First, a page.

- The SYN, FIN, and RST bit cannot appear in the same packet.
- FortiOS does not allow more than 1 ICMP error packet to go through before it receives a normal TCP or UDP packet.
- If FortiOS receives an RST packet, FortiOS checks to determine if its sequence number in the RST is within the unACKed data and drops the packet if the sequence number is incorrect. l For each new session, FortiOS checks to determine if the TCP sequence number in a SYN packet has been calculated correctly and started from the correct value.
Reverse path forwarding
FortiOS implements a mechanism called Reverse Path Forwarding (RPF), or Anti Spoofing, to block an IP packet from being forwarded if its source IP does not:
l belong to a locally attached subnet (local interface), or l be in the routing domain of the FortiGate from another source (static route, RIP, OSPF, BGP).
If those conditions are not met, FortiOS silently drops the packet.
FIPS and Common Criteria
FortiOS has received NDPP, EAL2+, and EAL4+ based FIPS and Common Criteria certifications. Common Criteria evaluations involve formal rigorous analysis and testing to examine security aspects of a product or system. Extensive testing activities involve a comprehensive and formally repeatable process, confirming that the security product functions as claimed by the manufacturer. Security weaknesses and potential vulnerabilities are specifically examined during an evaluation.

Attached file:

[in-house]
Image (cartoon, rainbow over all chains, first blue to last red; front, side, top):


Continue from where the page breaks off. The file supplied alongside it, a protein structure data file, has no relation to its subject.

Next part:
To see Fortinet’s complete history of FIPS/CC certifications go to the following URL and add Fortinet to the Vendor field:
The FortiGuard Labs Product Security Incident Response Team (PSIRT) continually tests and gathers information about Fortinet hardware and software products, looking for vulnerabilities and weaknesses. Any such findings are fed back to Fortinet’s development teams and serious issues are described along with protective solutions. The PSIRT regulatory releases PSIRT advisories when issues are found and corrected. Advisories are listed at https://www.fortiguard.com/psirt.